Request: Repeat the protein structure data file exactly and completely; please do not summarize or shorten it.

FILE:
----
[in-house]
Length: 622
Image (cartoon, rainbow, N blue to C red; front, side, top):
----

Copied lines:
[in-house]
Length: 622
Image (cartoon, rainbow, N blue to C red; front, side, top):